June 19, 2002 |
WASHINGTON -- A Senate panel voted Tuesday to deny tax breaks sought by U.S. firms that change their legal addresses to offshore tax havens such as Bermuda. The Senate Finance Committee approved by voice vote a bill that would, for tax purposes, treat companies that move as if they never left. It's the first action by Congress to stop more such moves, which companies such as Leucadia National Corp. and Stanley Works have said would reduce their taxes to the level of their foreign competitors.
October 29, 1996 |
Sexy it's not. Drilling for oil is a hard, dirty, dangerous and low-profile endeavor, and the mundane names of drilling companies seldom make headlines. Yet their stockholders couldn't be happier. The oil-drilling sector has been the stock market's biggest gusher in 1996, thanks to rising prices for crude oil and--pardon the economic jargon--a tight supply-and-demand trend that's swelling the companies' profits.
June 9, 1998 |
Say it isn't so, Marty! That was my reaction when, scanning the pages of the Value Line Mutual Fund Survey a few months ago, I came across the shocking news that Martin J. Whitman--the founder, manager and CEO of Third Avenue Value, one of America's best-performing (and coolest) mutual funds and an icon to buy-and-hold value-hunters around the globe--had moved 45% of his assets out of stocks and into cash and short-term Treasury bonds. Had Marty become a market-timer?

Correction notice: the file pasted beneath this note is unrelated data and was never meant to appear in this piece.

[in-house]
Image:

November 26, 2000 |
This country was the model student of the International Monetary Fund, praised around the world for bouncing back so quickly from the Asian economic crisis of 1997. Now it is in danger of flunking out of school. The reason can be divined here at Hanbo Iron & Steel Co.'s sprawling Dangjin Works complex, where a steady stream of 16-wheel trucks loaded with steel bar and coil head for the highway and the South Korean economy.